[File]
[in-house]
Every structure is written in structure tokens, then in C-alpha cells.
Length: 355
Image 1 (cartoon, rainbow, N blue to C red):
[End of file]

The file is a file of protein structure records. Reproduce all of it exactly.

[in-house]
Every structure is written in structure tokens, then in C-alpha cells.
Length: 355
Image 1 (cartoon, rainbow, N blue to C red):